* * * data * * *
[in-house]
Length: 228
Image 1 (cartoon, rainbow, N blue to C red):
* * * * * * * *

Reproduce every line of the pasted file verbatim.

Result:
[in-house]
Length: 228
Image 1 (cartoon, rainbow, N blue to C red):